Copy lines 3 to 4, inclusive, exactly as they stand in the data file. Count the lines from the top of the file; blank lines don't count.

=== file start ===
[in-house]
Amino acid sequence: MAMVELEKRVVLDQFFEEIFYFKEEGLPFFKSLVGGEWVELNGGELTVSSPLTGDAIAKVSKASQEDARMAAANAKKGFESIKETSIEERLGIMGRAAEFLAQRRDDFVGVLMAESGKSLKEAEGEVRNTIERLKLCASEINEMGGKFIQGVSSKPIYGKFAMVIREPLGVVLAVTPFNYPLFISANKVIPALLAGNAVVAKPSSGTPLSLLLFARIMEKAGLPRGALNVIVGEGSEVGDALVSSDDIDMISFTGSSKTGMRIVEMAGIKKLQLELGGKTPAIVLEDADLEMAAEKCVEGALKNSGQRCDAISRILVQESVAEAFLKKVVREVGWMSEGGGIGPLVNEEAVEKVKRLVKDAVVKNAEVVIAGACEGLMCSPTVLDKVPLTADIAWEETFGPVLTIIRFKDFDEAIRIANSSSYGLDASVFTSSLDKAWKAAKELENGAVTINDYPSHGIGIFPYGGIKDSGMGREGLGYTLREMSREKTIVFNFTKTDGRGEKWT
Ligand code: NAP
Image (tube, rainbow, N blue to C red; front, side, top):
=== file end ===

Ligand code: NAP
Image (tube, rainbow, N blue to C red; front, side, top):